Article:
H807 – Elluminate – the ultimate conferencing tool? (A8.2)
No, Elluminate is not the ultimate conferencing tool, at least not for me 😦
Our task was to discuss global warming using three images the OU provided. Our Moderator did a great job, offering us ice cream to make the session more tempting for us. Yet, I liked the ice cream, I also liked to allocate now a voice to a person and the little profile pictures displayed to each posting in the forum or their blogs, but besides that was my negative impression I gained in H800 again confirmed.
Here my list of the weaknesses from Elluminate
- Not secure, in terms that our moderator lost his complete text box with the final feedback and could not restore it.
- confusing if everyone starts typing (please don’t get me wrong 😉 and the final presentation of the results is as well quite unclear
- I saved the whiteboard as pdf, but it actually just saves a screen shot, hence only what is actually visible in the text box can be seen, but no scrolling is possible. I also saved it as whiteboard, but I haven’t tried if I can upload it back again and read everything in the text boxes
- Talking to a brick wall pretty much describes it, no feedback, no nothing, like talking to empty space
- Allowing all to talk can still cause audio problems, like echos
- interactivity is not really high
- strongly reminded my on a typical face-to-face classroom setting
- only for small groups
- having three communication and activity channels – chat, talking and whiteboard option – can be as well confusing. I sometimes couldn’t follow the chat quick enough and had to scroll back again to read what everybody typed in
- it requires some technical knowledge
- students (can) start easily messing around – need clear structure, goal and purpose
- it reminds me on a little bit better PowerPoint presentation, with the option that everybody can contribute
- I wasn’t really convinced with the desktop sharing option
- costs money, software is not free
- well, I guess I should stop, before I completely disassemble Elluminate.
Here are the few strengths I found
- offers different communication channels – chat, audio, video, whiteboard, notebook, etc.
- allows that student work together on a collaborative task, contrary to a wiki where only one student one at a time, can edit a wiki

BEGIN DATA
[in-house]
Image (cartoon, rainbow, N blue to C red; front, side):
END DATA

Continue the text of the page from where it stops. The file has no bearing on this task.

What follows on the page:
- Session can be recorded, with the consent of participating members
- Session can be saved, although with some limitations
- Offers many features, like hand raising, queries, etc
- Possibility to upload e.g. presentations and images, but new slides can be generated as well
Here is the list of pros from Kate, our moderator in this session.
- Great for giving prepared presentations to distance students.
- Can be prepared and saved beforehand.
- Great interaction, once we activate all speakers!
- Great that everyone can graffiti on the board – highlight things etc.
- Great that we can type in IM box off to side at any time.
- Great to share desktop, so can demonstrate, for example, how an interactive website works.
- Good that links can be given for students to follow.
- There are side rooms, where folk can break away for discussions in smaller groups.
- Good that there is a notebook integrated.
- Good that sessions can be recorded and saved for future reference.
- Nice to be able to hear everyone’s voices!
- Nice interaction, ie, applauding hands to show appreciation.
- Quality depends on quality of images uploaded… Resolution can’t be enhanced!
- Teacher can’t see what you’re drinking!
I agree with Kate that the teacher cannot see what I am drinking, except we would have used the video option.
I partly see the benefits Kate mentions, but nevertheless I found the way we used Elluminate not overly innovative. Don’t get me wrong, I know the activity we had to do was predefined, but it strongly reminded me on a typical face-to-face teaching lesson. ‘Student X would you please come to the board and highlight what has changed in the image’. We did not really come up with new ways how we could use Elluminate and we acted similar to students probably would have done. Nobody really gave answers, nobody wanted to highlight anything, etc. A typical classroom 😉 , but it clearly highlighted the potential downfalls that could happen when using Elluminate with students. You have to be prepared that they start graffiti the whiteboard, or delete the work of others.
Ok, besides my negative attitude towards Elluminate, it would be worth giving it a try, but just with a clearly structured and planned activity and a real purpose. Otherwise I already see them ending up in ‘chaos’ like we did. Well, we did not end up in chaos, we ended up eating ice cream 😉
Elluminate (2011) eLearning & Collaboration Solutions [online] http://www.elluminate.com/ (accessed 30 March 2011)